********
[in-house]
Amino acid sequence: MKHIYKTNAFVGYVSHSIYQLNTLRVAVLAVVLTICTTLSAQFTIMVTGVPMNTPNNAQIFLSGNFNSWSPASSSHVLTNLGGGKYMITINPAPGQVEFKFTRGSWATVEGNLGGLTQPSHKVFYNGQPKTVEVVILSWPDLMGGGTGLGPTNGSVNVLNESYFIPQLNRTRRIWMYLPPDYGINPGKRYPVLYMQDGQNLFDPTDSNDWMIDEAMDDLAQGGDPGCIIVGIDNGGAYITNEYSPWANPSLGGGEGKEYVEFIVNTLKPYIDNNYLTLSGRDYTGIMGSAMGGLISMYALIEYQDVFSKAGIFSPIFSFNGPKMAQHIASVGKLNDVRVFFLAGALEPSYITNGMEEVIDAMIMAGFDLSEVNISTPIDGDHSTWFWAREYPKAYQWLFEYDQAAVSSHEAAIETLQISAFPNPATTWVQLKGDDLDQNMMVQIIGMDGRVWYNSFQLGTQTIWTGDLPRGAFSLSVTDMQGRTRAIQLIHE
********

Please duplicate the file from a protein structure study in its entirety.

[in-house]
Amino acid sequence: MKHIYKTNAFVGYVSHSIYQLNTLRVAVLAVVLTICTTLSAQFTIMVTGVPMNTPNNAQIFLSGNFNSWSPASSSHVLTNLGGGKYMITINPAPGQVEFKFTRGSWATVEGNLGGLTQPSHKVFYNGQPKTVEVVILSWPDLMGGGTGLGPTNGSVNVLNESYFIPQLNRTRRIWMYLPPDYGINPGKRYPVLYMQDGQNLFDPTDSNDWMIDEAMDDLAQGGDPGCIIVGIDNGGAYITNEYSPWANPSLGGGEGKEYVEFIVNTLKPYIDNNYLTLSGRDYTGIMGSAMGGLISMYALIEYQDVFSKAGIFSPIFSFNGPKMAQHIASVGKLNDVRVFFLAGALEPSYITNGMEEVIDAMIMAGFDLSEVNISTPIDGDHSTWFWAREYPKAYQWLFEYDQAAVSSHEAAIETLQISAFPNPATTWVQLKGDDLDQNMMVQIIGMDGRVWYNSFQLGTQTIWTGDLPRGAFSLSVTDMQGRTRAIQLIHE